The dynamic range of a camera specifies the ratio between the brightest and darkest part of a specimen that it is still capable of capturing. Dynamic range should not be confused with the contrast of the picture. Cameras with a low dynamic range have a problem of accurately recording both bright and dark parts. The brighter parts of the specimen, such as fine structures that blend in with the background lit, will disappear completely. A reduction of the exposure time would make these bright structures visible, but now the darker parts of the specimen will be reproduced as completely black. It does not matter how we adjust the exposure time or light intensity, there will always be some loss of information either at the bright or at the dark end of the spectrum.
Digital cameras, in general, have a much lower dynamic range than analog film. It is, however, possible to digitally process the images to produce an overall final result which does not have any parts of the picture being over or underexposed. One has to take a sequence of several images, each one with a different exposure time. Some images will appear to be generally overexposed, with the darker parts of the specimen showing a proper brightness. Other images will generally appear too dark, with the brighter parts now showing more image details.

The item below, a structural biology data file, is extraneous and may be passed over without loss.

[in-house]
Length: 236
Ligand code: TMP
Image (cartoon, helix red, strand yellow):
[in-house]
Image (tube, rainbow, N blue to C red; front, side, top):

When taking pictures of a different brightness, The light intensity of the microscope should not be changed. this might result in a shift of color temperature. It is also not a good idea to change the setting of the condenser aperture diaphragm, as this also changes contrast and depth of field (the condenser diaphragm should generally not be used to control light intensity anyway). The computer program will then process these images to produce a final image with all parts being correctly exposed.
Before starting HDR imaging, one has to evaluate, whether the dynamic range of the specimen indeed surpasses the dynamic range capabilities of the camera. Most specimens are thin and quite thin and there are few parts which are dark enough to cause dynamic range problems. Whole mounts of Insects, however, are a different issue. The body is generally very dark and the fine hair and appendages are easily flooded by the light of the microscope. In these cases HDR imaging may be much more useful.